Category Archives: Writing Ranting

Procrastination Technique #452: Reviews

I’ve written about reviews before, and I’m always fascinated, whether the review is positive or. . . not so much.

The Tin Man Games app “Choices: And The Sun Went Out” (including the second story, my steampunk fantasy, “Choices: And Their Souls Were Eaten”) has just under a hundred reviews (mostly just stars) on itunes and has just passed 600 reviews on Android.

Android apps have a cool feature where they say how many people have installed an app, and this app, our app, has been installed over 50,000 times! It boggles my mind that so many people are reading words that I write, and it makes me evil laugh when I read the desperate pleas of addicted readers hanging out for their weekly story fix:

Mario Zalout wrote:

Love it It’s hard for me to find games like this. I constantly crave the story, wanting more. However, I’ve caught up with And Their Souls Were Eaten about 3 times, and I always hate the break I have to take in between. And The Sun Went Out helps with that though, and since I know it’s considerably longer I work at it whenever Souls needs an update.

Theresa Budd wrote:

Great game but… This is a really great game but I wish they would update the bear version. I was having so much fun playing it and now I’ve got as far as can but they need to update it so I can finish the story please.

Zachery Fitzpatrick wrote:

You’ll love the story …..untill you get a nice distance in…. then the book shuts itself on your fingers and then throws itself into a fire and tells you wait for a update.

Trevor Veltema wrote:

So good Honestly the best game I’ve played, I was on it from 12am to 7 am, it’s very addicting

Johannes Haler wrote:

UPDATE MORE PLEASE The story And The Sun Went Out is easily one of THE best stories I’ve ever read. The plot about how the sun disappesring and stuff is just amazing! Please, I’ve reached the part where update is needed and I NEED MORE! Thank you Tin Man Games, for making reading fun, and making one of the best books I’ve read!

bear-100

There’s a whole sub-group who are angry that you have to pay (or watch ads) to read the whole story. Since I know exactly how much I earn (hint: not an enormous amount), I’m not entirely sympathetic to these:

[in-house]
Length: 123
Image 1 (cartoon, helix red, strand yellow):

Alper Can Buyuk wrote:

Ad-fest So you need “choice-tickets” to make decisions and progress the story. The only way to get these is either purchasing them, or buying a pass which allows you to progress through the app. The other option is watching a 30 second ad for a measly 3 tickets, completely breaking the immersion. Shouldn’t be a free app in the first place if this is the way the devs are gonna go about it.

Franz Airyl Sapit wrote:

TOO PRICEY. NOT WORTH IT. In my local currency, two Story Pass (needed to play this,”pay to play”) of this game is worth as much as Dragon Age Origins, a PC game. Imagine that.

Kaneki Ken wrote:

Money-grubbing morons. Whoever is the developer(s) of this game is seriously an annoying one. Not only do you deem it, unfavourable to have a narrator. To continue the story, you force us to give you money? How cheap is that of a practice! You don’t deserve money of you’re too lazy to have a voice actor!

In their defence, ebooks are sold in a much simpler system. There’s a big yellow button that says “free sample” and it’s easy to understand that the free sample is specifically designed to suck you into buying the book. These story apps are exactly the same thing, but app stores list them as “free, with in-app purchases” which isn’t deliberately misleading but it feels like it is.